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On The Categories As A Response To The Platonic Theory Of The Forms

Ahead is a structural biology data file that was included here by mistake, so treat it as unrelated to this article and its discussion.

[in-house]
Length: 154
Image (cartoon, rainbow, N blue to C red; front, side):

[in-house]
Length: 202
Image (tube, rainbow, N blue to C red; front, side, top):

This paper will focus on Aristotle’s categories, specifically discussing the conclusions which they raise as an argument to the detriment of the Platonic theory of the forms. The main category in question is Substance. The categories are as follows: Substance, quantity, quality, relation, place where, time when, position, state, acting and being acting on. Substance is the primary category of which without, none of the other categories could exist. Plato holds that there is a realm of the forms in which the perfect universals of everything actually exists. Particulars that are out in the world are what they are, (being imperfect), insofar as they take part in their universal. What makes a chair a chair for Plato, what they all have in common which makes them all chairs, is that they all are imperfect representations of the universal/form Chair which exists eternally. From the categories, it would seem that Aristotle would argue that what all chairs have in common is that we call them chairs. Taken aside from the rest of Aristotle’s works, namely the Metaphysics, his work entitled categories does present a persuasive objection to Platonic Forms. Before moving forward, it is necessary to present the reader with a basic understanding of Plato’s theory of the forms. The Platonic theory of the forms suggests that the reality which we experience is not the real world. It is a wax stamp impression of the real world which is populated by the forms. The forms are the perfect representations of each thing. Those wax stamps in reality are only what they are insofar as they are representations of the original. The forms are eternal, and unchanging. They are the supreme and perfect type of which all tokens are a part. For Aristotle, something is said to be a certain thing because it is of the same genus as the other things which are similar to it. For Plato, something is said to be, if it is an imperfect representation of something perfect which exists outside of reality. As an example before we delve into this further: a basketball for Plato is a basketball because there is a perfect ‘form of’ [a] basketball, and this particular basketball is similar to the form of THE basketball, but is an imperfect representation of it; much like a wax stamp, or a shadow of a tree on a wall of a cave. For Plato, not all basketballs are the same, they are imperfect, and we sense them imperfectly. If this is so, then we must have some idea of the perfect, therefore the perfect exists. Aristotle however, would say something along the lines of: a basketball is a token of a particular type. Not all basketball’s are the same, but they are all basketballs because they belong to a category of say sports balls with a particular function, which then belongs to bouncy balls, then to balls, then to spherical objects, etc. Basketball’s are then basketballs. Because they are all individual tokens that belong to a particular type, because they all belong to the same type, they all take part in that type, and are therefore each tokens of that type, as each particular can not be a universal. “The species in which the things primarily are called substances are, are called secondary substances, as also are the genera of these species. For example, the individual man belongs in a species, man, and animal is the genus of the species; so these both--man and animal--are called secondary substances.” A kind of universal then appears for both Aristotle and Plato, but for the latter this is an actual thing. For Aristotle there is not a perfect representation of man of which a